‘Til Death

Comedy series: The new breed

He’s patient about it, but if Josh Goldsmith’s responses to questions about the single-camera vs. multicamera issue were TV episodes, the series would be in its fourth syndication cycle by now.

The former “King of Queens” writer, who created and now runs another Sony-produced traditional multi-cam laffer, “‘Til Death,” gets asked about that a lot.

“There seems to be a fire raging with this whole question,” Goldsmith says. “Let’s all settle down. I don’t think there needs to be a decision where we say one works and the other doesn’t.”

Fortunately for Goldsmith, the traditional route still does work, with both Fox’s “‘Til Death” and CBS’ “Rules of Engagement” surviving the tough-to-surmount odds of the network comedy biz and getting life for season two.

Interestingly, Goldsmith says “‘Till Death” gestated from talks with Fox TV topper Peter Liguori and other network officials about relationships and wasn’t dreamed up as a vehicle for star Brad Garrett.

“‘Mad About You’ was about new marriage, and I wondered, ‘What would a show about old marriage look like?’ ” Goldsmith explains.

Besides securing the services of Garrett, the former “Everybody Loves Raymond” ensemble wiz, Goldsmith and his team passed the chemistry test by casting Joely Fisher as his wife.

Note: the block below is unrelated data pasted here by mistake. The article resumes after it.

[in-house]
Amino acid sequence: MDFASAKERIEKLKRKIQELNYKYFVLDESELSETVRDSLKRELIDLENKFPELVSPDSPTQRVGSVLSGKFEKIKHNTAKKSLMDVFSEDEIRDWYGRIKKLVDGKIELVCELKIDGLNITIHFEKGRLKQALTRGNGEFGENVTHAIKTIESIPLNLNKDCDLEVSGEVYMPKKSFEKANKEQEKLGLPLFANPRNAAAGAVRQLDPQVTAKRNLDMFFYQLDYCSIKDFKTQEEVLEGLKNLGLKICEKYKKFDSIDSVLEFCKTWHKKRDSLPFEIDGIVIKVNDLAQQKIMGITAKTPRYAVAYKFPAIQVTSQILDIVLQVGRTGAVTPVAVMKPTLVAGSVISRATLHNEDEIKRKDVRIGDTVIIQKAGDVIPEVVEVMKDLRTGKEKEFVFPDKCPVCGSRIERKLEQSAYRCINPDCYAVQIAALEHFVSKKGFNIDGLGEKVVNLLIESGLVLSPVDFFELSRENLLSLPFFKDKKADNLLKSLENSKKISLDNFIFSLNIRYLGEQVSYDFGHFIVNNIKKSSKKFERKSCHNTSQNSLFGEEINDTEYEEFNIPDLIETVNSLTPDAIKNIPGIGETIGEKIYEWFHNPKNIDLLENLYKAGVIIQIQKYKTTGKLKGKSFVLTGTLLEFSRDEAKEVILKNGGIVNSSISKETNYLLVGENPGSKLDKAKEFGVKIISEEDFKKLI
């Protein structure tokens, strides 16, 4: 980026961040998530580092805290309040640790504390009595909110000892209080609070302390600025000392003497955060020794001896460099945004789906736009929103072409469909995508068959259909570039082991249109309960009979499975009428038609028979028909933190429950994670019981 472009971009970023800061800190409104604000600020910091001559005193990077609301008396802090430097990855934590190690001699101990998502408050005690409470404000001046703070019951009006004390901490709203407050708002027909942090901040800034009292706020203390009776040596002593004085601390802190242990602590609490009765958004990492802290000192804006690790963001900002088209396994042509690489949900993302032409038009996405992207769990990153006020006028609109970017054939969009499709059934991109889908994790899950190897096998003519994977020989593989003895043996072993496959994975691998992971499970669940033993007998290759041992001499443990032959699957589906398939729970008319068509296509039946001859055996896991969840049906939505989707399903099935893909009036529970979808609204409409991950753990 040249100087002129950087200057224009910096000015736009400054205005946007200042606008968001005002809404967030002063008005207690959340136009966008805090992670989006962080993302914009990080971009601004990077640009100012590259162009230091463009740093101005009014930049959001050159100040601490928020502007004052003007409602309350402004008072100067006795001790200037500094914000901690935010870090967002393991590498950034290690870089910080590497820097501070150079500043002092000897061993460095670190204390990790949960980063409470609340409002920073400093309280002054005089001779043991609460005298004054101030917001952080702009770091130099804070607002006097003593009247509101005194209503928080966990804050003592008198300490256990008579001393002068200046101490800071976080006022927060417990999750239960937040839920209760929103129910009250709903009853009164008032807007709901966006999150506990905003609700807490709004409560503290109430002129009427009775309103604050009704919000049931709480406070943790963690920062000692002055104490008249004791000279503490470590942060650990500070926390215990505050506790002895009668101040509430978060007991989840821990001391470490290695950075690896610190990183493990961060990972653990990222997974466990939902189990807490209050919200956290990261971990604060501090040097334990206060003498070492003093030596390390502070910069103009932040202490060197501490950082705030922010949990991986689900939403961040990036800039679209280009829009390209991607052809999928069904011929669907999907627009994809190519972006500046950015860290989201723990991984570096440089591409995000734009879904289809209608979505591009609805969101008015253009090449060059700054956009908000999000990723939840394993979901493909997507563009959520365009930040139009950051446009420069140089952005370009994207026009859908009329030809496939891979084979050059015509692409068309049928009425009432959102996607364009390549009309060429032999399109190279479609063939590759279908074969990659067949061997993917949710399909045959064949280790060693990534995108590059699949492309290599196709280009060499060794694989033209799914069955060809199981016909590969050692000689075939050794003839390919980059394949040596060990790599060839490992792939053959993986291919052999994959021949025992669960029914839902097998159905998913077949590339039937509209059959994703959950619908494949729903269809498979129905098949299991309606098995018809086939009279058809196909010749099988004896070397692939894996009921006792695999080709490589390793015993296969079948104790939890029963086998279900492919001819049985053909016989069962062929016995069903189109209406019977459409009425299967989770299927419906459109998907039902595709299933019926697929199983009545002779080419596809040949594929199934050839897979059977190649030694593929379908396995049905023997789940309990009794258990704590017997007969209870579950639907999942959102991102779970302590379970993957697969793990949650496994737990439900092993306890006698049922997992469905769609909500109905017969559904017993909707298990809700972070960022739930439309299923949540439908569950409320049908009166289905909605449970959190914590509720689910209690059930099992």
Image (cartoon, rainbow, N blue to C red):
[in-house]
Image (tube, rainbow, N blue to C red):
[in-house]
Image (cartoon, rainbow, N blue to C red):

“We knew we wanted to have a dark show about an older couple, but the chemistry between them had to be good,” Goldsmith explains. “You had to know that they love each other despite what they’re saying. And when Joely walked into the room and read with Brad, it was like they were two old friends who never met.”

THE WRAP

Funniest episode: “Dream Weaver.” Eddie (Garrett) is his usual joyless self when Joy (Fisher) talks him to a weekend mountain excursion with the Woodcocks, their newlywed neighbors. He perks up when he finds out that Steph Woodcock (Kat Foster) had an erotic dream about him.

Funniest character: The whole “‘Til Death” enterprise lives and dies on Garrett’s Eddie.

Funniest line: In the pilot, Joy asks Eddie, “When did we get to a point in our marriage where I couldn’t have patio furniture for sex?” Eddie shoots back, “When did they cancel ‘Knight Rider?’ “

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